FM Jaitley stares at tough balancing act
Presenting his third consecutive Budget, Jaitley faces the onerous task of reviving Indian economy meeting the expectations of as diverse sectors as agriculture and industry.
The finance minister has his task cut out – boost public spending, however, the challenge is from where he gets the funds to do so. For a higher growth rate, as predicted by the economic survey, Jaitley will have to garner resources to boost public spending amid adverse global economic scenario.
Rising rural distress because of back-to-back droughts have put considerable pressure on the Finance Minister to spend more on social schemes. However, he simultaneously has to send a positive message to foreign investors craving for faster reforms. With agriculture reeling from drought and lower crop prices, the government is likely to retain spending on the rural employment guarantee programme, expand crop insurance and boost irrigation outlays.
FM’s difficulties have been compounded by the huge payout of Rs 1.02 lakh crore that will become necessary on account of the 7th Pay Commission recommendations for government employees. How much he does this without compromising on the previously-announced goal of lowering the fiscal deficit to 3.5 per cent of the GDP next year is to be seen.
It remains to be seen if Jaitley will loosen his purse strings or continue to consolidate. In the event the government decides to increase spending, it would be a challenge to ensure that the funds are channelised into capital investments. Jaitley in the last two Budgets has shifted the proportion of expenditure toward infrastructure and away from subsidies.
Jaitley is also likely to fulfil his last year’s promise of gradual reduction of corporate tax from 30 per cent to 25 per cent over four years.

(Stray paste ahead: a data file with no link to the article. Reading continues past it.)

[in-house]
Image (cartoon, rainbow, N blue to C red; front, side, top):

It is expected that he may begin the exercise in the Budget today that may be accompanied by withdrawal of tax exemptions to keep the exercise revenue neutral. In view of sharp fall in crude prices and low probability of increase over the next one year, the government may reintroduce customs duty on imported crude, petrol and diesel, which was removed in 2011, when crude prices had increased over USD 100 per barrel. The government could increase import duty on gold, since gold imports have increased over the year and has partly contributed to the trade deficit and weak rupee on account of forex outflows.
To shore up revenues to meet the increased expenditure, the finance minister may also need to increase indirect tax rates or introduce new taxes. Service Tax, raised to 14.5 per cent last year, may see a hike to prepare for the level of 18 per cent being envisaged in the GST. Further, new cess to fund initiatives such as Start-up India or Digital India and other programmes is being speculated, similar to the Swachh Bharat cess levied last year.